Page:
Valtteri Bottas, Sebastian Vettel and Nico Hulkenberg were F1 Fanatic’s Star Performers in Russia. Here’s why.
This was a coming-of-age performance by Bottas. He was expected to shine at Sochi, a track he has always gone well at. But by conclusively beating his thrice-champion and winning from off the front row he comfortably exceeded those expectations.
Bottas was faster than Lewis Hamilton in every session during the weekend and out-qualified his team mate by almost half a second. He executed his start perfectly and seized the opportunity to pass both Ferraris.
That allowed him to unleash the strong pace he had on the ultra-soft tyres, giving him enough of a margin to stay ahead of Sebastian Vettel once the pit stops were done with.
The final laps were tense as Vettel applied serious pressure. Ferrari told their man Bottas would crack, but he never put a wheel wrong. While Vettel was tentative in dealing with the lapped Felipe Massa, Bottas wasted no time in picking off Pascal Wehrlein just six corners from home.
This was a top-drawer performance, and if he’s got a few more up his sleeve he will definitely be a title contender this year.
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Vettel may have started from pole position and failed to win, but this was still an excellent drive from him too. He has good cause to feel it was only a stiff headwind which cost him a third victory.
Having been unable to keep Bottas behind, Vetel made a decent fist of closing on the lead Mercedes in the second half of the race. His pace on the super-softs was excellent, and he nearly got within striking distance at the end. Perhaps he could have been more aggressive with Massa, but Vettel knows titles aren’t won by risky moves in traffic on days when your closest rival is already behind you. He may have lost this battle, but he’s winning the war.
Having failed to make it beyond lap one on his last two visits to Sochi, Nico Hulkenberg could be forgiven for being a little circumspect at the start this time, and he slipped back two places.
He was able to regain them over the course of the race, suggesting Renault have been able to improve their long run pace, even at a track where they expected to have difficulties. Hulkenberg ran a long first stint but just ran out of time to launch an attack on Esteban Ocon for seventh.
Have a look at the team radio highlights from practice and qualifying to see just how bad a time Romain Grosjean had trying to sort out his Haas. The team arrived at Sochi with a plan to test Carbone Industrie brakes but ditched them on Friday evening. However once back on Brembos Grosjean still wasn’t happy.
He might have got himself beyond Q1 had it not been for another unfortunately-timed yellow flag. That left him at the back of the pack, and an optimistic first lap move on Jolyon Palmer finished off a miserable weekend.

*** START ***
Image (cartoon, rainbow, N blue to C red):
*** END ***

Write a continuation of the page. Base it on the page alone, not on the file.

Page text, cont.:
Palmer’s Russian Grand Prix didn’t go any better, though to begin with it was not for reasons of his own doing. A chassis change and power unit replacement left him short of practice time.
He made matters worse by crashing in qualifying, however. That left him well out of position near the rear of the field where he tangled with Grosjean at the start.
Stroll took the curious decision not to do a qualifying simulation lap on Friday. That gave him more sets of the softer tyres to experiment with on Saturday, but even so he failed to get the most out of them. He ended up almost a second off Massa – a driver whose qualifying record last year was weak.
In the race Stroll got off the line well but wasted his start with a spin. To his credit from there he drove a better race and posted his first finish, though his position relative to Massa was flattered by his team mate’s two punctures.
And the rest
Hamilton never got a handle on his Mercedes though it seems some technical problem contributed to his race result. Raikkonen enjoyed a much better weekend, but was frustrated to miss out on his first pole position for nine years by such a slender margin.
Max Verstappen made a feisty start but then had no one to race with: his team mate retired early on and Massa dropped back due to punctured tyres. The Force India pair quietly accumulated more points, Sergio Perez leading the way and Esteban Ocon putting in a solid drive.
Tenth was probably the best Carlos Sainz Jnr could hope for at this track while Danil Kvyat was unimpressed with the timing of his pit stop. Kevin Magnussen and Stoffel Vandoorne picked up needless penalties, though the latter at least got to start this time, which was more than could be said for his team mate.
The Sauber drivers pitted after the first lap to get rid of their super-soft tyres which would have been a sound strategy had they found more performance or durability from the ultra-softs.
Who was the best driver in Russia?
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2017 Russian Grand Prix
- Sepang pays Haas compensation for Grosjean’s 2017 crash
- F1 better without “artificial” overtaking – Vettel
- Honda unreliability “completely unacceptable” – Alonso
- Maiden victory earn Bottas first Driver of the Weekend win since 2014
- 2017 Russian Grand Prix team radio transcript